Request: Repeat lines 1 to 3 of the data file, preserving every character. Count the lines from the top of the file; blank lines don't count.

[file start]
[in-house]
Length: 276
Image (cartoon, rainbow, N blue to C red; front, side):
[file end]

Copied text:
[in-house]
Length: 276
Image (cartoon, rainbow, N blue to C red; front, side):